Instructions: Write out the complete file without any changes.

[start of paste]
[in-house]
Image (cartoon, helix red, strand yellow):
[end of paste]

[in-house]
Image (cartoon, helix red, strand yellow):